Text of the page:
ɛː male æː æː æː ɑ̇· [ɛː]
i mis i i i i i i [i]
mile []
o foto o o o o o o []
mole [o̝ː]
ɔ ost ɔ ɔ ɔ å ɑ̊ å [ɔ̽]
ɔː måle ɔː ɔː ɔː åː ɑ̊· å· [ɔ̽ː]
ø kys ø ø ø ø ø ø [ø]
øː køle øː øː øː øː ø· ø· [øː]
œ høns, grynt œ œ œ, œ̞[8] ö ö ö [œ̝]
œː høne, røbe œː œː œː, œ̞ː[8] öː ö· ö· [œ̝ː]
ɶ gør ɶ ɶ œ̞ ɔ̈ ɔ̈ ɔ̈ [œ]
grøn ɶ [ɶ̝]
ɶː gøre ɶː ɶː œ̞ː ɔ̈ː ɔ̈· ɔ̈· [œː]
u guld, brusk u u u, o[8] u u u [u]
mule, ruse uː, oː[8] []
y lyt y y y y y y [y]
kyle []
Unstressed-only
ə hoppe ə ə ə ə ə ə [ə]
ɐ fatter ɐ ʌ ɐ ʌ ɔ ɔ [ɒ̽]
ð̩ måned ð̩ əð ð̩ əð ð̩ əð [ð̩˕˗ˠ]
gammel əl əl əl [l̩]
hoppen ən ən ən [m̩]
hesten [n̩]
ŋ̍ pakken ŋ̩ ŋ̩ ŋ̩ [ŋ̍]
Consonants
ɕ sjat ɕ ɕ ɕ ʃ sj [ɕ]
ð mad ð ð ð ð ð ð [ð̠˕ˠ]
f fisk f f f f f f [f]
h hus h h h h h h [h]
j jul j j j j j j [j]
mig ɪ̯ [9]
k gås ɡ̊ ɡ ɡ̊ g ɡ g [k]
kål k k k k [kʰ]
l lås l l l l l l [l]
m mus m m m m m m [m]
n ni n n n n n n [n]
ŋ perron ŋ ŋ ŋ ŋ ŋ ŋ [ŋ]
p bål b b b b [p]
pille p p p p [pʰ]
ʁ rose ʁ ʁ ʁ r r r [ʁ̞]
s sæl s s s s s s [s]
t dåse d d d d [t]
tsʰ taske t t t t [tsʰ]
tjene tˢj tj t͡ɕ tj tj tj []
v vams v v v v v v [ʋ]
w hav ʊ̯ w w w w w [w]
Semivowel
ɐ̯ smør ɐ̯ ɐ̯ ɐ̯ ʀ ɹ r [ɒ̯̽]
Stød
ˈtsʰiˀ ti ˈtˢiːˀ ˈtiˀ ˈtˢiːˀ ˈtiːʼ ˈtiʼ ˈtiʼ [ˈtsʰḭˑ]

Notes

  1. ^ a b c d e /əð, əl, ən/ become syllabic consonants [ð̩, l̩, m̩, n̩, ŋ̍] in a process known as schwa-assimilation ([m̩, ŋ̍] are variants of /ən/, assimilated to the place of the preceding consonant). The process also often affects /ə/ after a long vowel or /ð, j, l, n, v/, but these types of assimilation are not as ubiquitous as, and are more contextually constrained than, the aforementioned combinations (Basbøll 2005:293ff), so they are not reflected in transcription.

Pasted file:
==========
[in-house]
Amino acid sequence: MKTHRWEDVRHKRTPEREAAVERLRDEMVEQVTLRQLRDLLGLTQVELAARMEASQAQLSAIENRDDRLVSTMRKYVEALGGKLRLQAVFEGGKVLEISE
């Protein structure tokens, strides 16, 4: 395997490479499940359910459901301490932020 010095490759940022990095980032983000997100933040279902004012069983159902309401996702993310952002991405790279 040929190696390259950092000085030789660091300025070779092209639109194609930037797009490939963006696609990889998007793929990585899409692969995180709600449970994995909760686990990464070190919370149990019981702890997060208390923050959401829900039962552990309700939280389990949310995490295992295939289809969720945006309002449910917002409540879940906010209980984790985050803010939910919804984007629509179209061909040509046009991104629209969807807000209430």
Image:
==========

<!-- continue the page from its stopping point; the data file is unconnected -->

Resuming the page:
2. ^ In Standard Copenhagen Danish, a stressed syllable has a lower pitch than the following unstressed syllable, which then has a high-falling pitch.
  3. ^ Stød can only occur after a long vowel or a sequence of a short vowel and [ð, j, l, m, n, ŋ, w, ɐ̯] in a stressed syllable, and is far more often realized as creaky voice (found in English as the vocal fry register; ⟨◌̰⟩ in standard IPA) than as a glottal stop [ʔ]. Phonologically long vowels with stød are shorter in realization, so they are transcribed as short in this guide (cf. pæn /ˈpɛːˀn/ [ˈpʰeˀn] 'nice', pen /ˈpɛnˀ/ [ˈpʰenˀ] 'pen').
  4. ^ Basbøll (2005).
  5. ^ a b c d Though indistinguishable in some fonts, ⟨α⟩ for [ɑ] is the italic Greek alpha, not the Latin alpha, ⟨ɑ⟩, which represents [æ] in Dania.
  6. ^ a b å⟩ for [ɒ] is oblique in print, but here shown in normal type because its italic form is indistinguishable from ⟨ɑ̊⟩, which represents [ɔ], in most serif fonts.
  7. ^ On Ordbogen.com, ⟨år⟩ represents [ɒː] when stressed and [ɒ] when unstressed.
  8. ^ a b c d e f Grønnum describes the speech of younger speakers than do other sources. This key follows the latter, which describe varieties where [æː, œ, œː, u, uː] can follow [ʁ] and [eː] can precede [ɐ].
  9. ^ a b In print, the rightward hook in ⟨⟩ extends directly from the stem of ⟨i⟩ (somewhat like ⟨ɭ̇⟩ but shorter).

References

  • Basbøll, Hans (2005). The Phonology of Danish. Oxford University Press. ISBN 0-203-97876-5.
  • Brink, Lars; Lund, Jørn; Heger, Steffen; Jørgensen, J. Normann (1991). Den Store Danske Udtaleordbog. Copenhagen: Munksgaard. ISBN 87-16-06649-9.
  • Grønnum, Nina (2005). Fonetik og fonologi: almen og dansk (3rd ed.). Copenhagen: Akademisk Forlag. ISBN 87-500-3865-6.
  • Molbæk Hansen, Peter (1990). Udtaleordbog. Copenhagen: Gyldendal. ISBN 978-87-02-05895-6.

External links